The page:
CLINICAL THYROIDOLOGY FOR THE PUBLIC
A publication of the American Thyroid Association
IODINE AND THE THYROID
Women who undergo xrays that include iodinated contrast agents should be followed for thyroid dysfunction
ABBREVIATIONS & DEFINITIONS
Hypothyroidism: a condition where the thyroid gland is underactive and doesn’t produce enough thyroid hormone. Treatment requires taking thyroid hormone pills.
TSH: thyroid stimulating hormone — produced by the pituitary gland that regulates thyroid function; also the best screening test to determine if the thyroid is functioning normally.
Hysterosalpingography (HSG): an xray study of the uterus that is frequently done as an infertility test. A HSG involves the administration of Lipiodol which is an iodine-rich contrast material.
Iodine is essential for the thyroid gland to produce its hormones. We get iodine from food and iodized salt, but there are many other sources of iodine that may not be so obvious. One of them is the contrast materials used in xray imaging in which a large about of iodine is given. Whenever an excessive amount of iodine is given to a person, the thyroid gland temporarily decreases thyroid hormone formation. This is a protective mechanism to avoid an increased production in thyroid hormones as a result of the large iodine load given. Typically, after a few days, the thyroid resumes its normal production of thyroid hormone. There is a large amount of evidence that some thyroids may not be able to resume normal functioning after such an exposure, especially in people who have underlying thyroid problems. In these cases, a patient could develop abnormally low levels of thyroid hormone (hypothyroidism).
Hysterosalpingography (HSG) is an xray study of the uterus and is frequently done as an infertility test. A HSG involves the administration of Lipiodol which is an iodine-rich contrast material. The current study was performed in order to understand the changes in iodine and thyroid levels that happen after an HSG, and to evaluate whether Lipiodol may affect thyroid function in women who undergo this test.
THE FULL ARTICLE TITLE:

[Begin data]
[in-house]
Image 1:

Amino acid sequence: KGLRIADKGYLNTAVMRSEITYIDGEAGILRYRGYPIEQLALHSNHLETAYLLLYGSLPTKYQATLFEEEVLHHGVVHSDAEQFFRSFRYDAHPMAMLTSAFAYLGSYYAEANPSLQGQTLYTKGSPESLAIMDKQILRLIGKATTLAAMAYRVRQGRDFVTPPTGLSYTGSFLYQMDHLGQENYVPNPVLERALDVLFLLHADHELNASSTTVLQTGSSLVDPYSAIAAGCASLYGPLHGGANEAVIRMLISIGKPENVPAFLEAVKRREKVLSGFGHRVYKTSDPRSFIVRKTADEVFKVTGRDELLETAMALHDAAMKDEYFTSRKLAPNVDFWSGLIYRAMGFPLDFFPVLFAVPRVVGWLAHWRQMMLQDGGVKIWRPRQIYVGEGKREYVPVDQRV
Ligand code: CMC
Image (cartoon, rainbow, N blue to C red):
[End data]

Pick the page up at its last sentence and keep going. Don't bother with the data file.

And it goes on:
Kaneshige T et al, Changes in serum iodine concentration, urinary iodine excretion and thyroid function after hysterosalpingography using an oil-soluble iodinated contrast medium (lipiodol). J Clin Endocrinol Metab. December 29, 2014 [Epub ahead of print].
SUMMARY OF THE STUDY
This study was done in Japan. It enrolled 22 women who had infertility and had a HSG done as part of their evaluation. They did not have any history of thyroid disease. Other sources of iodine were not found. They had measurements of thyroid hormones, urine and serum iodine at 4, 8, 12 and 24 weeks after the HSG. In addition, 6 women were also evaluated at 9-12 months after.
Of the 22 women, none developed severe hypothyroidism or received thyroid hormone. However, at 4 weeks, 72% of the women had thyroid hormone levels that are not at goal according to current standards for pregnancy, and at 8 weeks, 52% of women still were not back at baseline. Three women (13.6% ) had a TSH hormone higher than 5 as early as 4 weeks. (Current guidelines advise a TSH level less than 2.5 for women attempting a pregnancy). The urine and serum iodine also peaked at week 4, but remained significantly elevated up to 24 weeks after the HSG. The T3 and T4 hormones did not change significantly.
WHAT ARE THE IMPLICATIONS OF THIS STUDY?
This study shows that thyroid hormone levels can be affected by the administration of Lipiodol, an iodine-rich contrast material. Since Lipiodol is administered during a HSG during a fertility evaluation, this may put women at risk of developing mild hypothyroidism at a time when they are trying for a pregnancy. This study suggests that women getting this procedure should have thyroid function monitored closely for at least 24 weeks after the procedure.
—Jessie Block-Galarza, MD
ATA THYROID BROCHURE LINKS
Iodine Deficiency: http://www.thyroid.org/iodine-deficiency
Thyroid Function Tests: http://www.thyroid.org/blood-test-for-thyroid